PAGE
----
People say the plant stinks. I’ve never noticed it, and haven’t been able to release an odor by crushing the various parts. I don’t know if it’s variation in plants, the current phase in the life cycle, the lack of moisture in the air, or a stupefied nose. Still, it’s been called skunk daisy and hierba de la bruja (witch).
Michael Moore believes áñil del muerto refers to the smell. It’s also possible it literally means deadly sunflower. Sheep, a mainstay of the historic local economy, sometimes died when they ate it. Keeler, et al, isolated the active agent as galegine, a hypoglycemic alkaloid that’s been synthesized as metformin to treat type 2 diabetes.
Uglier names are used in the south Pacific where the plant was introduced to Kure when a radar reflector was built in 1955, followed by Coast Guard installations between 1960 and 1993. From there it took over Midway. It probably spread so quickly because the annual found a perfect incubator.
Here, a few of the flat, greyish white seeds germinate in the spring. In my yard, those are the flowers that are now nearing the top of the fence. Apparently it needs a high temperature to sprout and so waits for the first rains of July, then blooms when solar or atmospheric conditions are right in mid-August. By the first of September, 6" high stalks bloom along side rangy plants that have flowers at the end of every branch.
The usual explanation for the success of an alien specie is natives forgot how to compete for resources. On the periphery of the plant’s range, Inderjit and Dakshini confirmed chemicals released by the taproot suppress the growth of radishes. In this country, peanut and cotton farmers are avaricious for eradication research.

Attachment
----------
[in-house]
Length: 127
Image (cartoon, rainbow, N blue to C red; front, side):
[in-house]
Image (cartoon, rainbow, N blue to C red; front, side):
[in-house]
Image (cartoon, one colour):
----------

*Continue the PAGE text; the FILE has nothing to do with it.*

Here, in it’s traditional habitat, it’s gregarious when left to itself, but doesn’t mix with others. If it has a choice it doesn’t appear with sunflowers. Neither likes the prairies, but both rise in the disturbed ground of abandoned gardens, fallow fields and fence lines. There’s a reason people in easier farm lands call it cowpen daisy.
I’ve thrown dead stems of both along my fence. This year sunflowers are growing with the Maximilians. The tall daisies survived south of all but a few of the rough natives. Both will try the better, wetter garden soil, but I pluck them early.
My plants arrived when my neighbor dug his septic field with its basement layer of gravel and plastic that traps water. From there the seedlings migrated west. This year, like the Mexican hat, the seeds blew along the fence where they landed along a 15' stretch in the gravel and clay of my driveway. I can’t think of a better place to leave them to exercise their allelopathic magic on the weeds that creep in from my neighbors.
It remains there today, and everywhere in the rio arriba, a brilliant autumnal presence that leaves no trace in the collective memory because it has no name.
Curtin, L. S. M. Healing Herbs of the Upper Rio Grande, 1947, reprinted by Western Edge press, 1997, with revisions by Michael Moore.
Inderjit, Chikako Asakawa and K. M. M. Dakshini, "Allelopathic Potential of Verbesina Encelioides Root Leachate in Soil," Canadian Journal of. Botany 7:1419–1424:1999.
Keeler R.F., D. C. Baker, and K. E. Panter, "Concentration of Galegine in Verbesina Encelioides and Galega Officinalis and the Toxic and Pathologic Effects Induced by the Plants," Journal of Environmental Pathology Toxicology and Oncology, 11:11-7:1992.
University of Texas web-site has the best description of the flower.